Robotic chefs may still sound futuristic – but they already have a place in restaurant kitchens. That’s particularly true for restaurants struggling to hire and retain staff, and those eager to get a better handle on food waste (so in other words, everyone). While Spyce claims to be the first restaurant with a kitchen run entirely by robots that can prepare complex recipes, a rapidly increasing number of brands are offloading repetitive kitchen tasks to robotic assistants. And as more venture into this territory, look for prices for this technology to fall. A sign of things to come: This year’s Consumer Electronics Show featured a kitchen robot from Moley Robotics that can prepare thousands of dishes, avoid allergens when requested, or simply guide a person through the steps of a recipe as they prepare it. While the price tag is steep at $340,000, it’s likely to challenge other companies in the space to accomplish similar tasks less expensively in the not-so-distant future.
The pandemic has pushed restaurant technology several years ahead of where it would be otherwise – and our increased ordering of takeout in the past year has made us more comfortable ordering food on our phones. Could allowing guests to order by phone work for you on-premise as well as off? At a time when labor is scarce, it may be worth considering. During a recent episode of the restaurant webcast The Barron Report, the founders of Branded Strategic Hospitality spoke about how they have invested in their entire tech stack, to include the app Bbot, which enables QR code scanning for ordering from the restaurant. If you have a tech-savvy guests who are just as happy to read a menu on their phone as on a piece of paper, you might try experimenting with QR codes for not only menu review but also ordering.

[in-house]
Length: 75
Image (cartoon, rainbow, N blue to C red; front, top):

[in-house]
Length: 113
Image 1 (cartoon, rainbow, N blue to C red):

Third-party delivery apps have their benefits: Your restaurant may gain access to a more streamlined ordering interface that customers demand, as well as much-needed brand exposure. Unfortunately, you are likely paying dearly in exchange. But you don’t have to commit to one approach. You might diversify your business, with a small portion of your delivery going through a third-party app and the majority going through a white-label delivery platform – GoParrot is one example – that charges a flat fee for an ordering technology setup customized to your brand. It could be a way to offer guests a streamlined ordering process, retain your customer data and also gain the benefits of exposure on a third-party app.
At a time when restaurant operators are scrambling to attract and retain staff, every little tool designed to make restaurant jobs worthwhile can help. One such tool is an on-demand payment app that can give employees instant access to the wages they have earned that day. A number of large brands have signed on to use on-demand payment systems including Branch, DailyPay and Instant. Beyond immediate payment of wages, an on-demand payment app might be used to distribute tips or bonuses, as well as to provide financial management tools to employees. As a result, they can help lighten the load on restaurant managers too.